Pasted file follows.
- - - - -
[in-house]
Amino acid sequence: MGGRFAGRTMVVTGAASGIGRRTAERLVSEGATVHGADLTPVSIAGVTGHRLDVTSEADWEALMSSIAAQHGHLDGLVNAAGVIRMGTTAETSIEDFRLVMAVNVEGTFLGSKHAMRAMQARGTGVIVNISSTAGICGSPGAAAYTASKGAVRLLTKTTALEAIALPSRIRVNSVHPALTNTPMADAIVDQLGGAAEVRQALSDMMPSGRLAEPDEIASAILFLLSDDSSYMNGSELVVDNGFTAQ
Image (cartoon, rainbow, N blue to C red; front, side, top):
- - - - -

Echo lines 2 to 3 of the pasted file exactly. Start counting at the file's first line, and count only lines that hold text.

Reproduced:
Amino acid sequence: MGGRFAGRTMVVTGAASGIGRRTAERLVSEGATVHGADLTPVSIAGVTGHRLDVTSEADWEALMSSIAAQHGHLDGLVNAAGVIRMGTTAETSIEDFRLVMAVNVEGTFLGSKHAMRAMQARGTGVIVNISSTAGICGSPGAAAYTASKGAVRLLTKTTALEAIALPSRIRVNSVHPALTNTPMADAIVDQLGGAAEVRQALSDMMPSGRLAEPDEIASAILFLLSDDSSYMNGSELVVDNGFTAQ
Image (cartoon, rainbow, N blue to C red; front, side, top):